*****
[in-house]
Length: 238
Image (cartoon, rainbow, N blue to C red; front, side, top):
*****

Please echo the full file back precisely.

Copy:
[in-house]
Length: 238
Image (cartoon, rainbow, N blue to C red; front, side, top):